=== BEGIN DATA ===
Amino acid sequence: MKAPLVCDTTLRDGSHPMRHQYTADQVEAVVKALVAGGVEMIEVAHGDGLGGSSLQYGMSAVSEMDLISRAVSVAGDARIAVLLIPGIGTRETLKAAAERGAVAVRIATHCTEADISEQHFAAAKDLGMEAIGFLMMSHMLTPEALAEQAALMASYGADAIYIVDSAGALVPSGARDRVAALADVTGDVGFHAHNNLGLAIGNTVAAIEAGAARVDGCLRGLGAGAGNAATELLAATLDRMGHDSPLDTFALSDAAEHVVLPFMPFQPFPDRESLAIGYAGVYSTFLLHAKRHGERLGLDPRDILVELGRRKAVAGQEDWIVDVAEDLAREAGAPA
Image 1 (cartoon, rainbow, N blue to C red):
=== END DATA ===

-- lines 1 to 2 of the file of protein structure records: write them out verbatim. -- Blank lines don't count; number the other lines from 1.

Amino acid sequence: MKAPLVCDTTLRDGSHPMRHQYTADQVEAVVKALVAGGVEMIEVAHGDGLGGSSLQYGMSAVSEMDLISRAVSVAGDARIAVLLIPGIGTRETLKAAAERGAVAVRIATHCTEADISEQHFAAAKDLGMEAIGFLMMSHMLTPEALAEQAALMASYGADAIYIVDSAGALVPSGARDRVAALADVTGDVGFHAHNNLGLAIGNTVAAIEAGAARVDGCLRGLGAGAGNAATELLAATLDRMGHDSPLDTFALSDAAEHVVLPFMPFQPFPDRESLAIGYAGVYSTFLLHAKRHGERLGLDPRDILVELGRRKAVAGQEDWIVDVAEDLAREAGAPA
Image 1 (cartoon, rainbow, N blue to C red):